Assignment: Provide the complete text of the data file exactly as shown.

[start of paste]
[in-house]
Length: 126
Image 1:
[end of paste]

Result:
[in-house]
Length: 126
Image 1: